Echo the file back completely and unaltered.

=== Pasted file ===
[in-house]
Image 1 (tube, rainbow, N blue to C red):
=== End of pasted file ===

[in-house]
Image 1 (tube, rainbow, N blue to C red):